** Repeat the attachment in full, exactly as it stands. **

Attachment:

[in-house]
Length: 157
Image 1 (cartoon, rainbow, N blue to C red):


[in-house]
Length: 157
Image 1 (cartoon, rainbow, N blue to C red):